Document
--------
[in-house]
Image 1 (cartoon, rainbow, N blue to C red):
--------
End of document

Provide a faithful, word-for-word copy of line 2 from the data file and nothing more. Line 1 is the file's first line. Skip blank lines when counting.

Image 1 (cartoon, rainbow, N blue to C red):